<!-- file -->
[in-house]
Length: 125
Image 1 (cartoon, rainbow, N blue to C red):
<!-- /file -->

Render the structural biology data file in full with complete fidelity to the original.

[in-house]
Length: 125
Image 1 (cartoon, rainbow, N blue to C red):